R.K.: Can you remember any memorable events around this time?
I used to accompany my brother to his concerts. On one such occasion we went to a village in Salem district for a marriage concert. On the second day there was a gotuvadyam concert by Budalur Krishnamurthy Sastrigal and on the first and third days, vocal recitals by Dhakshinamurti Pillai, for which my brother was to play the violin. There, Dhakshinamurti Pillai asked me to sing. I was thrilled and gave of my best. After I finished, he told my brother, "His voice is as melodious as the noise created when a coconut shell is scraped on a rock. Don't bother to give him vocal training. Let him learn to play the violin." I was very upset and decided to prove my vocal skills. I practised like one possessed.
Every day I used to sing for over eight hours. With hindsight, it appears that I should not have practised so hard. It was a great strain on my vocal chords. In fact, it is not good to practise so much.
Then my tonsils had to be removed. That affected my voice further. I was very upset. Rajaji once asked me to use snuff powder, which he said would irritate the throat and improve the voice. Ariyakudi Ramanuja Iyengar, whose ardent fan I am, also used snuff. So, I used snuff regularly after that. It did help. But it led to other problems such as asthma and eosinophilia. So I stopped. I still use it occasionally, though.
R.K.: Do you remember your first concert?
I went on to train under Maharajapuram Viswanatha Iyer. I gave my first concert at the Nageswaran temple in Kumbakonam when I was 19. It was at the behest of Azhahanambi Pillai, the mridangam maestro, who sought my guru's permission for me to sing. It was raining heavily that day and the audience had no option but to stay put. So I had a huge audience all through the concert. Thereafter I gave many concerts.
A big break came in 1927 when I was asked to sing at the Madras session of the Indian National Congress. All big vidwans, such as Kancheepuram Naina Pillai and my brother Narayanaswamy, were invited to give concerts. I was given one hour and so was Madurai Mani, who, although he was four years younger to me, was acknowledged as a more senior musician. This concert was a turning point for me. Thereafter I was invited to give many concerts in Madras (Chennai). Not my fault. I was also a genius like you (smiles and points to Ravikiran).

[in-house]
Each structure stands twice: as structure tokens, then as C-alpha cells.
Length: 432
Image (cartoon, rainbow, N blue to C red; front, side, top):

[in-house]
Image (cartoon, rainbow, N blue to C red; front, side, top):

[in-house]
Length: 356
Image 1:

Soon enough I was drawn into the big league. I started coming to Madras almost every week from Kumbakonam. I got a Kumbakonam-Madras railway pass for Rs.6.25. I used to be paid Rs. 25-30 for a concert. I spent a maximum of Rs.15 and saved the rest. Though I never fixed rates, with an increase in the number of concerts my rate also increased. The first big break came when the Rasika Ranjani Sabha (in Madras) paid me Rs.125.
I was soon in the exalted group of Maharajapuram Viswanatha Iyer, Ariyakudi Ramanuja Iyengar, Rajarathnam Pillai, Rajamanikkam Pillai, Musiri Subramanya Iyer and so on. I also became a big draw. I was drawn to the independence movement and started singing Bharathiar's patriotic songs. I became very popular. From then on there was no looking back.
R.K.: Can you recall some memorable events of this period?
In 1928, Govindaswamy Pillai took me to Tiruvaiyaru (in Thanjavur district), where all great musicians gather in January for the Thyagaraja Aradhana, to sing at the samadhi of the saint-priest Thyagaraja. It was a great honour to sing there. I sang a song in Bhairavi that made everyone sit up and listen. Govindaswamy Pillai, who was seated far away, came up, put his arm around my shoulder, praised me and told me that I would make it really big in a couple of years. I was thrilled.